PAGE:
Hockey fans will likely already be downloading the recently released playable demo of NHL 12, hoping that the small sample of modes will be enough to tide them over until the game’s full release. But with an endless parade of trailers and new features teased for this year’s installment of the hockey series, how do they work in action? We’ve spent a good amount of time with the NHL 12 demo, so read on for our first impressions.
It’s been too long since we got the chance to play NHL 12 at E3 2011, but even then it was hard to grasp just how many changes would be made to the NHL formula this year. We were impressed with the updates that were apparent after just a few minutes of gameplay, but with the extended experience offered by the demo, it’s clear that plong time fans will have plenty more tools to add to their arsenal.
The fact that goalies will be brought into the action thanks to the new Full Contact Physics Engine is certainly the first change most players will notice. Aside from getting the opportunity to give goaltenders a piece of your mind (and equipment) play around the net is undoubtedly the most realistic to date. Players who had previously crashed the net with abandon will now lose their footing when colliding with the goalie, and be forced to maneuver up and out of the crease to avoid penalities.
Whether goaltender interference penalties will be increased or decreased in the final game isn’t clear, but the inclusion of net battles means that gameplay from the face-off dots in is much more hectic and refreshing than in the past.
We’ve already seen detailed descriptions of the new and improved puck mechanics, and having the puck slide from your stick while winding up for a shot is definitely a wake up call. It may irritate some players at first, but having the puck operate within the rules of real physics is a major step forward for the series.
Where past games equated a slap shot to a gun being fired, traveling off a stick faster than the eye could see, NHL 12 goes in a very different direction. Sticks are no longer puck-cannons, as they must first cradle, then fire the projectiles more accurately. the shots themselves no longer seem like merely a game mechanism, but an exercise of the game’s physics engine. As a result, the stick seems far more active and responsive to player inputs, especially when in close to the net.
Once the puck leaves the blade though, it becomes subject to the laws of physics in a way that we have yet to see. The puck isn’t being blasted at the goalie, but simply being directed toward the net, with deflections and bounces occurring far more frequently. It’s hard to describe, but players familiar with past games will notice the difference immediately.
The overall pace of the game and skating has remained relatively untouched, so most of these changes will only become apparent over time. Nevertheless, the game is different this year, with dozens of new strategies and tools waiting for the extremely committed NHL enthusiast.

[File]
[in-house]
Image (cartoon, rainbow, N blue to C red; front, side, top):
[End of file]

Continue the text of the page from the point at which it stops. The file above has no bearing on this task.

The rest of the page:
The demo also gives a look at the new Be A Pro mode, letting players jump into a game already in progress and attempt to play the role of hero. The new ‘Coach Tasks’ is a definite improvement from past grading systems, as even generating offense and energy served to fulfill the task of ‘getting something going out there.” But once a shift has been completed, the player is forced to sit on the bench and wait for the next shift. It’s possible to sim forward to the next time you are able to step onto the ice, but the fact that a separate loading screen is required to do so is a bit disappointing.
To see a few of the changes in action, and the gameplay offered with the demo, check out the latest NHL 12 ‘Sizzle’ trailer now:
As usual the demo doesn’t allow players to tweak game speed or other settings to their preferred set-up, so for those who dislike the new changes, there is a chance that increased shot speed and puck control could minimize the changes. But even if you long for the bygone days of Blades of Steel, the approach to realism in NHL 12 is something that everyone should prepare for.
After our first experiences with the NHL 12 demo, it seems that the new features really will be making the old new again, bringing both small and serious changes for those who have felt that something has been missing in the past few NHL titles. The Full Contact Physics Engine is unquestionably the star, but with so many new tweaks and adjustments, there’s sure to be something for everyone.
We’ll have to wait another month to get our hands on NHL 12‘s Legends, or to try out the deeper-than-ever Be A Pro Mode, but it’s safe to say that we’ll be spending plenty of time with the demo until then.
What do you think of the new gameplay and presentation on display in the NHL 12 demo? Do the multitude of changes seem as important as you had thought? Leave us your thoughts in the comments.
The demo of NHL 12 is available for download now on Xbox Live and PSN, with a full retail release for the Xbox 360 and PS3 coming September 13, 2011.